Apparently, this guy - like many of us - was fed up with the bloat, bugs, bullshit and 'features' of many of the stock Android apps that come preinstalled on most phones. And so, he decided to make his own.
Unlike most of us however, he actually pulled through. And then he made them open source.
No bullshit permission requirements.
No ads or tracking.
And no, not just 'toggle white/dark mode', I'm talking 'pick your own color scheme', both within the app and for the app icon (!).
And then sync your colour scheme across the entire suite of apps (!!).
Simple UI, with a lot of customizable settings.
And if you get them from f-droid, it's all completely free as in BEER too!
I've spent a lot of time in the last year trying to find software that does what it's supposed to do well, without trying to pull any sneaky bullshit in the background or annoy me with crap that I don't care about in a miserable attempt to show off its useless features.
I'm not a fan of Medium myself either, but the author's article about how his suite of apps was born really resonated with me. If you care about privacy, open source software, and doing things right, you should really give it a read: https://medium.com/@tibbi/...
I'm particularly a fan of the Gallery, the File Manager, and the Music player apps, and the others don't look half bad either.14
So you build a beautiful site; you spend good time on UX, refactoring, server optimisation, getting good page load speeds, SQL all optimised - life is good.
Commercial team comes in and slaps clickbait, generic advertising, tracking scrips over the lot.
Page loads go from a second to 30 seconds and even though you made sure all those crappy ad scripts are asynchronous pages still hang most times. PingdomTools lists your page scripts as going from 40 files to over 900... now users are ringing me up giving me grief about how slow this new company website is...5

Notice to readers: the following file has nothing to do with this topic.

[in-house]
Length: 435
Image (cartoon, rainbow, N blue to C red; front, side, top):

Less rant, more story.
Tl;Dr: Disney uses "Magic Bands" to track every action of every person within their parks.
So I took my family to Disney World this past summer and we got these "nifty" little things called Magic Bands. These things are little wrist devices that basically handle everything for you in the parks. It unlocks your resort room, it gets you into the parks, you pay for meals and souvenirs with it by connecting a credit card and/or your meal plan. It makes things real simple as it's like putting on your watch each day.
At first I kinda enjoyed how easy it made everything on the trip, but then as we were exiting a ride the couple in front of us noticed the digital signs had their names on them, I looked around and noticed mine too, a sign that said "have a good day $myName." It suddenly clicked. These "Magic Bands" are people trackers. Suddenly everything about the park that I had been enjoying, was part of the system they had in place using these bands as human cattle tags. The ride wait time estimations were perfect, not because of a good algorithm and estimations, but because they had actual real data telling them when a person entered the line and got off the ride.